‘They gave me the bread’

Mus­lim, Chris­tians share com­mon­al­i­ties

Northwest Arkansas Democrat-Gazette - - RELIGION - TERRY MAT­TINGLY

Soumaya Khal­i­fah’s ser­mon fell in the usual place in the Holy Week rite in which clergy from the Epis­co­pal Dio­cese of At­lanta re­newed their vows: af­ter a Gospel pas­sage and be­fore the con­se­cra­tion of bread and wine as Holy Com­mu­nion.

In this Mass, the Liturgy of the Word also in­cluded a Ko­ran read­ing, in­clud­ing: “God, there is no god but he, the Liv­ing, the Self-Sub­sist­ing. Nei­ther slum­ber over­takes him nor sleep. Unto him be­longs what­so­ever is in the heav­ens and what­so­ever is on the earth. Who is there who may in­ter­cede with him save by his leave?”

Khal­i­fah asked lead­ers from the re­gion’s 96 Epis­co­pal parishes an ob­vi­ous ques­tion: Was this a his­toric mo­ment, with a Mus­lim woman preach­ing in a liturgy for an en­tire Chris­tian dio­cese?

“I truly be­lieve that in­ter­faith works is the civil rights move­ment for the 21st cen­tury,” said Khal­i­fah, head of the Is­lamic Speak­ers Bu­reau of At­lanta. “Faith is used to di­vide us and we need to make in­ten­tional ef­forts to bring our­selves to­gether. Nor­mally we wor­ship, as­so­ciate and have friends from our own faith tra­di­tion, our own race. …

“When I look at the beau­ti­ful cre­ations of God and how they wor­ship, I see my Chris­tian broth­ers and sis­ters. I think of their love for Je­sus — peace be upon him — and their try­ing to live by his spe­cific ex­am­ple of lov­ing his en­e­mies.”

Af­ter her ser­mon, At­lanta Bishop Robert Wright in­vited Khal­i­fah to join clergy and oth­ers at the al­tar for the Eucharis­tic prayers con­se­crat­ing the bread and wine. As the wor­ship­pers stepped for­ward to re­ceive Holy Com­mu­nion, the bishop said Khal­i­fah took part.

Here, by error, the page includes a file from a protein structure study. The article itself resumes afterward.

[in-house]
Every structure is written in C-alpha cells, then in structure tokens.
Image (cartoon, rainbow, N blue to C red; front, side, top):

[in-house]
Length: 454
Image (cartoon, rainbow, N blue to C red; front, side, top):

“She held out her hand to re­ceive the Host and it is not my prac­tice to refuse peo­ple,” Wright said. He noted that “open Com­mu­nion” is com­mon across his dio­cese, es­pe­cially with vis­i­tors. Khal­i­fah re­turned to her seat with­out re­ceiv­ing the con­se­crated wine, the bishop said.

“They gave me the bread,” Khal­i­fah said. “I am a Mus­lim. I am not a Chris­tian. … This ser­vice was about what we have in com­mon, the work we can do to­gether.”

Wright said that he hopes that, dur­ing his five years as At­lanta’s bishop, he has been “adding square footage to our whole con­cept of what it means to re­new our vows,” as Epis­co­pal clergy serve in a more com­plex and mul­ti­cul­tural era. In 2015, he noted, this same ser­vice was held in a Jewish tem­ple in At­lanta, with its rabbi de­liv­er­ing the ser­mon.

Ac­knowl­edg­ing that in­ter­faith work will be a larger part of fu­ture min­istry is, said the bishop, “a no-brainer” in a world in which the

Mus­lim pop­u­la­tion con­tin­ues to rise, around the world and in an in­creas­ingly com­plex re­li­gious land­scape in Amer­ica.

For many be­liev­ers, the hard ques­tion is whether in­ter­faith ac­tivists can, on oc­ca­sion, wor­ship to­gether as well as work to­gether in the pub­lic square. Wright ac­knowl­edged that this is an is­sue that causes in­tense de­bates, even among lead­ers in the Epis­co­pal Church — which has taken lib­eral stands on many hot-but­ton so­cial is­sues linked to sex­u­al­ity, the en­vi­ron­ment and other so­cial causes.

“If you talked with some of my col­leagues in the House of Bish­ops, this part

of the ser­vice never would have hap­pened,” he said. It is safe to say Khal­i­fah “would not have been in­vited, she would not have been there in Holy Week and she would not have preached. None of this would have hap­pened.”

But this ser­vice was not, Wright in­sisted, an ex­am­ple of “in­sipid kum­baya” in­ter­faith ac­tivism in which lead­ers on both sides ig­nore their doc­tri­nal dif­fer­ences and gloss over painful sub­jects. He noted that, in her ser­mon, Khal­i­fah men­tioned the Palm Sun­day at­tacks on Cop­tic churches in Egypt and called the ter­ror­ists “a can­cer to our hu­man fam­ily,” adding that they “must be erad­i­cated.”

In­ter­faith work of all kinds, Khal­i­fah added, is one way that be­liev­ers can try to iso­late ter­ror­ists and weaken their power.

“Com­ing to­gether and let­ting the world know. To­day, we are set­ting the ex­am­ple of Chris­tians and Mus­lims in the same space wor­ship­ping and re­new­ing vows to God,” she said. “When we do not know, we fear. When we fear, we hate. When peo­ple get to that level — then the other is less hu­man than they are.”

Newspapers in English

Newspapers from USA

© PressReader. All rights reserved.